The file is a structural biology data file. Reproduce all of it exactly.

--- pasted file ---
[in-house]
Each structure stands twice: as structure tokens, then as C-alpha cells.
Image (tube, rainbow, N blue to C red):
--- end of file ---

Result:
[in-house]
Each structure stands twice: as structure tokens, then as C-alpha cells.
Image (tube, rainbow, N blue to C red):